By Neil Earle
Perhaps the best news to report from Ground Zero in New York City – site of the terrorist attacks that galvanized world attention last September – perhaps the best news is that my February 24 visit there left me with nothing dramatic to report.
For one thing there were none of the odors or smells that many asked me about, the NYPD guarding the recovery effort were as kind as could be, and New York City appeared to me cleaner and more at peace than at any of my previous visits to that giant metropolis. Certainly one of the lessons of life is that tragedy can bring out the best in us; and my sense of empathy and even camaraderie with the NYPD and the visiting tourists was palpable and I definitely felt the same thing coming back from them. "And on earth, peace, among men of good will" (Luke 2:14).
That is all for the good.
On the other hand there would be nothing worse for people in the rest of America or people living in Western democratic societies to conclude that things are so normal that we can go back to where we were in the 1990s. Best-selling New York journalist David Halberstam commented on Book TV in October that if the 1930s could be characterized as "Why England Slept" in face of the rising Nazi menace (the title of a book written by a very young John F. Kennedy) then the 1990s could be described as "Why America Dozed."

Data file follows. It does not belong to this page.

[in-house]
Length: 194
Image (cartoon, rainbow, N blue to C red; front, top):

Frankly, the 1990s might well go down in political history as a decade of subtle appeasement against terror. September 11 was a warning that appeasement never works, that we live in a dangerous world and go to sleep on a bomb, every night.
Sure, the US responded to attacks on their embassies in 1998 with cruise missile attacks but they apparently did little in the way of real deterrence and may well have hurt more bystanders than they did the vicious villains who needed punishment. By the time of the attack on the USS Cole in Yemen harbor in 2000 many people were slowly beginning to rouse from the 1990s stupor and wonder what in the world was going on. US Defense Secretary William Cohen had spelled out on a 1996 "Meet the Press" show that Osama bin Laden was the worst threat to US security in a long time.